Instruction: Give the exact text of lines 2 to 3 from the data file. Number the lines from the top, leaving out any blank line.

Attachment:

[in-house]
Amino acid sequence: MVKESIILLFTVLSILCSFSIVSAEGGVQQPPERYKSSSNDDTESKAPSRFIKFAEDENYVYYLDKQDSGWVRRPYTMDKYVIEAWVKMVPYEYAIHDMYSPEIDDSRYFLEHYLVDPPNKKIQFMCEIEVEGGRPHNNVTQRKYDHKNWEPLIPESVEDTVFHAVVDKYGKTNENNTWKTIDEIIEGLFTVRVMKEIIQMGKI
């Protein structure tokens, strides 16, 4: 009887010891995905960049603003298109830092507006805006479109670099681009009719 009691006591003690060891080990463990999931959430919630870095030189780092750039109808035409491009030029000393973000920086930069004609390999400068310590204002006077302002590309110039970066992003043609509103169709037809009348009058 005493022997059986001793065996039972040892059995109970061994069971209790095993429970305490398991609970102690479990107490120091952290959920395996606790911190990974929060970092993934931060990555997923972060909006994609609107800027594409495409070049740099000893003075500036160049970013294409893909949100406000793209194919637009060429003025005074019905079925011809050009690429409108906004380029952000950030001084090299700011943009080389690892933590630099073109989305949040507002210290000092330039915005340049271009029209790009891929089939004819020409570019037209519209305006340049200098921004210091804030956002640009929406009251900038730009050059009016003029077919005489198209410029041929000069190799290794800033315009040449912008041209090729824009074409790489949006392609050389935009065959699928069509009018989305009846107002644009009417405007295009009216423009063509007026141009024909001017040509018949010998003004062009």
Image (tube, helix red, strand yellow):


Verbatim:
Amino acid sequence: MVKESIILLFTVLSILCSFSIVSAEGGVQQPPERYKSSSNDDTESKAPSRFIKFAEDENYVYYLDKQDSGWVRRPYTMDKYVIEAWVKMVPYEYAIHDMYSPEIDDSRYFLEHYLVDPPNKKIQFMCEIEVEGGRPHNNVTQRKYDHKNWEPLIPESVEDTVFHAVVDKYGKTNENNTWKTIDEIIEGLFTVRVMKEIIQMGKI
């Protein structure tokens, strides 16, 4: 009887010891995905960049603003298109830092507006805006479109670099681009009719 009691006591003690060891080990463990999931959430919630870095030189780092750039109808035409491009030029000393973000920086930069004609390999400068310590204002006077302002590309110039970066992003043609509103169709037809009348009058 005493022997059986001793065996039972040892059995109970061994069971209790095993429970305490398991609970102690479990107490120091952290959920395996606790911190990974929060970092993934931060990555997923972060909006994609609107800027594409495409070049740099000893003075500036160049970013294409893909949100406000793209194919637009060429003025005074019905079925011809050009690429409108906004380029952000950030001084090299700011943009080389690892933590630099073109989305949040507002210290000092330039915005340049271009029209790009891929089939004819020409570019037209519209305006340049200098921004210091804030956002640009929406009251900038730009050059009016003029077919005489198209410029041929000069190799290794800033315009040449912008041209090729824009074409790489949006392609050389935009065959699928069509009018989305009846107002644009009417405007295009009216423009063509007026141009024909001017040509018949010998003004062009």